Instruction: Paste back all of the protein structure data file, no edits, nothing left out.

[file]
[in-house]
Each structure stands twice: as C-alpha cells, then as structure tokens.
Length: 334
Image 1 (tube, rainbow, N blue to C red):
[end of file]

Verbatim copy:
[in-house]
Each structure stands twice: as C-alpha cells, then as structure tokens.
Length: 334
Image 1 (tube, rainbow, N blue to C red):